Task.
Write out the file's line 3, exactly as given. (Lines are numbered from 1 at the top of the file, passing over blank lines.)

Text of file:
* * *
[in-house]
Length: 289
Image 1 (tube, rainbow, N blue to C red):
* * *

Image 1 (tube, rainbow, N blue to C red):